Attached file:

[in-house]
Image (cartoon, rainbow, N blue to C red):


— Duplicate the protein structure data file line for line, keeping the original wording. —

[in-house]
Image (cartoon, rainbow, N blue to C red):